According to Transport Minister Martin Kupka, the milder proposal for the Euro 7 emission standard, which was passed by the European Parliament on Thursday, is good news for the European automotive industry. According to Kupka, the accepted position is due to MEP Alexander Vondra (ODS).
The Ministry of Transport informed about the opinion of the Minister of Transport Kupka in a press release. The result of the vote was also welcomed by the Association of the Automotive Industry (SAP), but according to him, there are still concerns about the feasibility and impact of some requirements.
The new regulation updates limits for exhaust gas emissions such as nitrogen oxides, particulate matter, carbon monoxide and ammonia, and introduces new measures to reduce emissions from tires and brakes and to increase battery life. The report was supported by 329 MEPs, 230 were against and 41 abstained.
According to the proposal, which was approved on September 25 by the ministers of the EU member states responsible for competitiveness, car manufacturers should reduce the emissions of new vehicles less than the original plan, and at the same time they should have a longer time to prepare the changes. In particular, the emission limits for passenger and commercial vehicles should remain at the level contained in the Euro 6 emission standard in force today. As for trucks, these limits should be somewhat stricter.
“It is also good news for the European automotive industry, which can perceive it as support in its quest for a realistic transformation of individual transport. The Czech Republic negotiated a milder form of the norm and, in cooperation with other states, promoted the preservation of the availability of individual mobility for all, especially through the availability of small and smaller vehicles.” said Kupka.
The Association of the Automotive Industry also considers the adopted text to be a significant improvement of the original proposal of the European Commission. “One of the examples of the realization of requirements is, for example, the question of entry into force. Establishing the counting period for entry into force until the adoption of secondary legislation is key to ensuring the necessary time for manufacturers and test centers to respond to new regulatory requirements.” said SAP CEO Zdeněk Petzl. According to the association, however, there are still concerns about, for example, an increase in requirements for new on-board diagnostics of vehicles or further tightening of emissions from abrasion from brakes and tires.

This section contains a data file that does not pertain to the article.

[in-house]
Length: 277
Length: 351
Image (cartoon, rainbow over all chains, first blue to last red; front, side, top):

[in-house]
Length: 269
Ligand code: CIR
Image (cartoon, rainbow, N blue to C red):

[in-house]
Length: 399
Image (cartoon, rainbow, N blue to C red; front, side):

The coming weeks will show what the final version of the regulation will be. The meetings of the representatives of the European Parliament, the European Commission and the Spanish Presidency of the Council of the EU will now follow. Vondra has previously stated that he hopes to reach a final agreement by the end of this year.
According to the Ministry of Transport, the Czech Republic’s position on fundamental issues remains unchanged even for the upcoming negotiations. The most important requirement continues to be the extension of the entry into force dates and their linking to implementing acts. The Czech Republic will also strive for a clearer specification and discussion of other parts of the proposal, especially when it comes to the emission measurement system directly on board the vehicle, or the so-called boundary conditions of measurement.
In the package known as Fit for 55, with which the EU wants to reduce greenhouse gas emissions by at least 55 percent by 2030 compared to 1990 values, the European Union approved this spring the end of sales of cars with internal combustion engines by 2035. However, Germany agreed with European Commission on the fact that even after this year it will be possible to continue to use combustion engines powered exclusively by synthetic fuels.